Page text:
Clara Jedrich is an A&E doctor. A motorcyclist has a fatal accident during her night shift. The next morning, Clara Jedrich is also found dead.
Inspector Schumann and his team find her body in front of a high-rise block of flats. Clara Jedrich fell from the balcony of her apartment. Midazolam, a substance also used by the ambulance service as an anaesthestic, is found in her blood.
At the crime scene, Schumann notices a girl watching him intently. There are a lot of children living in the neighbourhood, but a neighbour tells the inspector that Clara Jedrich had lived alone. Schumann reconstructs the last hours before Clara’s death.
Clara had known the young motorcyclist, but it was a complete coincidence that she was the doctor who attended the scene of the accident. She and the young man rode their bikes together and he used to film her riding hers. The videos clearly show the risks Clara took on her bike – as if fear meant nothing to her.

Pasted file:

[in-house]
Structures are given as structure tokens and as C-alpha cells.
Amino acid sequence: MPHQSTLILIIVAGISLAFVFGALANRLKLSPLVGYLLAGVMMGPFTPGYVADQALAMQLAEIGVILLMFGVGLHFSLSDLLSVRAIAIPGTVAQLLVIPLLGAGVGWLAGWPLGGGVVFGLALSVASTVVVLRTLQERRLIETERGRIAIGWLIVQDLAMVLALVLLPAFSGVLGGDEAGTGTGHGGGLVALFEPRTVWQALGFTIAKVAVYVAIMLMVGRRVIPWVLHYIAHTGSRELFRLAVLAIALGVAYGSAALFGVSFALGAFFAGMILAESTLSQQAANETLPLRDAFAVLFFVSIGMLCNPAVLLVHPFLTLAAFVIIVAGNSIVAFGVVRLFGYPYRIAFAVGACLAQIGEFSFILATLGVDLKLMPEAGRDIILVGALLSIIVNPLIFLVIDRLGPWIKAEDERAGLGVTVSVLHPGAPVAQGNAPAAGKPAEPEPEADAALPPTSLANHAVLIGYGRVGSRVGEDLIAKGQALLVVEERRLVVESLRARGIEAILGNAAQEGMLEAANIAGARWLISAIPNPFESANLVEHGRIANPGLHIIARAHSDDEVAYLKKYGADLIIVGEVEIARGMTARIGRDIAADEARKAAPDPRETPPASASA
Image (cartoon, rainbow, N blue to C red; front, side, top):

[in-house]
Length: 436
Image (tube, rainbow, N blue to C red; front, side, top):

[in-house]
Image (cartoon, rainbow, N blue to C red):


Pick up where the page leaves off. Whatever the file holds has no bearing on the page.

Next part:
The motorcyclist was an organ donor. Dr. Kim Koch was on duty at the same time as Clara and arranged the transplant. When Schumann meets the parents of the young man they are in a state of shock. They had hardly had time to say goodbye to their son.
In Clara’s apartment, Schumann finds toys and photos of a red-haired boy. A year ago, Clara had worked on the paediatrics ward. The boy had been her patient. He had had a liver dysfunction and his only hope was to have an organ transplant. But the boy died during the transplant operation. Schumann uncovers discrepancies in his medical records. Did Clara gamble with the life of her patients? Did their relatives know about this? Evidence emerges that Clara had a visitor on the night she died. And it is clear that the visit ended violently.